Giving people the option to sign up to compete or to participate as clinic riders helps address the needs of those who want to get involved but are not yet ready for a licensed competition, while also helping to support those who are ready to begin moving up the levels. Although they do not receive awards or points, Training Wheel / Clinic riders receive written feedback from the judge on their scoresheets and can get their feet wet without drowning in all the details.

Another part of making events welcoming is providing the ride schedule in advance and doing your best to stick to it so that riders know when they need to be ready. Although most Intro and Novice riders can complete their dressage tests in about 6 minutes, I tend to schedule at least 8 minutes (10 if I have enough time in the day) between rides to give the judge the chance to write more comments, and to give riders the chance to make a sufficient number of circuits of the court/arena to help settle their and their horses’ nerves before the bell rings them on.

Spend the Time Needed to Build a Solid Foundation
There is a lot to be said for starting out with schooling shows, giving people sufficient time to learn about the sport and to build a critical mass of riders/horses ready for the next level. Although it is tempting to jump in with licensed shows from the start, when the sport is new to an area, it likely makes sense to begin with schooling shows, giving organizers and participants alike the time to work the kinks out before raising the stakes. Schooling shows give an area the chance to recruit and train volunteers to fill important positions such as Gate Steward, Scorer, and Scribe without the stress of a licensed competition hanging over them.

Event organizers may want to think about the possible ramifications of offering higher-levels (Advanced/Masters) before people in their area have demonstrated the ability to perform well at the lower levels. It takes time to build a horse’s physical and mental capacity to perform the maneuvers expected at the top two levels, and it does the horse a disservice to push it beyond its current capacity. I generally advise riders to think about staying in a lower level until they and their horse have achieved at least three scores in the mid 60’s from at least two different judges. This is not a requirement, of course, but helps the events continue to be enjoyable for the horses.

Organize, organize, organize!
There is a lot of paperwork involved in putting on a working equitation competition. For a 20-rider show, I figure I’ll spend 3-4 hours getting the paperwork organized. This includes creating the ride schedule, printing the course maps, filling out and printing Dressage and EOH scoresheets for each individual competitor (as well as blank copies of each Dressage test and an EOH scoresheet for the judge to have as a reference, and extra copies of each of the Dressage tests for competitors who need them at the last minute), and the Speed scoresheet for each class, as well as filling out the Placings Worksheet (rider and horse names and WE United numbers, organized by class).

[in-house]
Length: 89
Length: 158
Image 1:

To help reduce errors, I prefer to bring my computer and use the electronic Placings Worksheets developed by WE United’s Show Licensing and Oversight Committee — they automatically apply the rules related to breaking ties and places each trial as well as the overall competition.

Instructions for WE United Electronic Placings Worksheets

Placings Worksheets-Children-Introductory-1 judge – 171101

Placings Worksheets-Novice up-1 judge – 171101

If bringing a computer is not an option, I fill out the information on the Placings Worksheet in advance, and then print three copies of it. I have my scorer write in all the dressage scores as they are tabulated, and then have my judge/TD review the actual placings / point assignment before posting one copy at the show office for competitors to review. The scorer then continues to fill out the remaining two scoresheets with EOH scores, and once the EOH classes are done, the judge/TD review the placing / points assignments, and I then post the second sheet.  The scorer retains the third copy to write in the results from the Speed trial, which is subsequently posted after judge/TD have completed their review.

I try to have all the paperwork printed and organized at least 48 hours prior to the show.  For a one-day show, I put the ride times, dressage tests (in the order in which they will be ridden), and 2-3 pens on one clipboard for the scribe, and blank dressage tests on another clipboard for the judge. I keep the EOH and Speed papers in a big manila envelope so they stay together, and give that packet to the scribe once the Dressage tests are all done.  For a multi-day show, I organize the paperwork by the day, putting each day’s paperwork in its own large manila envelope, along with spare pens. This helps make sure that all the material stays in the correct order, and because I live in a damp climate, helps keep the paperwork dry and usable.

Keeping Important Goals in Mind
The goal at my events is to have riders and horses leave feeling more confident and knowledgeable than they were when they arrived. A secondary, and also very important, goal is to help nurture the culture of camaraderie and fun that so many people say are part of what has drawn them to the sport. When we meet those important goals, we succeed, as a group and as a sport.